August 23, 2018
Capex needs emerge amid earnings gains for energy producers
By: Tommy Inglesby

Most of the independent exploration and production companies announced their second quarter 2018 earnings in the first two weeks of August. The overall results were positive—with beats on production and cash flow—but most companies saw a share price drop due to guidance issued for the second half of the year.

The market reaction reflected concerns about the industry’s capital spending plans versus its projected growth in production. Most operators raised their guidance for capex spending; on average, capex guidance increased nearly 5 percent. However, most companies forecast production increases of only 1 to 2 percent.1 The growing need for reinvestment to fund this gap seems to be spooking investors.

The quarter was characterized by key elements including:

  • Production beating market expectations across the board, with average oil production 2 to 5 percent higher than anticipated;
  • Higher than expected cash flow, due to higher than forecast realizations and production hits; and
  • Higher than expected capex, due to faster drilling activity, more completions and increasing services costs.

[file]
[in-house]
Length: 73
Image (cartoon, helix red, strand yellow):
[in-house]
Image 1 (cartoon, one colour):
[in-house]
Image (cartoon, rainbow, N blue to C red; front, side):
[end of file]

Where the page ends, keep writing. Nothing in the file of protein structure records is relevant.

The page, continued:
In our conversations with operators, we are hearing about the need to reach the next level of efficiency gains. The gains on drilling efficiency have been tapped; now it’s all about speed, from site clearing to production. This still takes more than 200 days for many operators. Field development plans are still largely paper based exercises and consume enormous time to create and adjust on the fly.

Operators want to “get predictable” and tighten their focus on eliminating the uncertainty around the development plan. They are trying to understand what drives this uncertainty as it relates to production, capex and opex, and to make better use of data to create more robust plans.

Operators are also seeking better access to markets. After years of focusing capital on production, they are shifting large amounts of capital into midstream investments to access end markets. This requires different project management and marketing skills—with some of these skills long-dormant in operators—and they are trying to build or rebuild these skills quickly.

The U.S. oil industry is back, but there are challenges at both ends of the cycle. The remainder of 2018 will be interesting, as we watch to see how operators play this cycle and whether they pursue different courses of action than they did in 2008 or 2014.

1 This is an average of the top independent producers in the United States.

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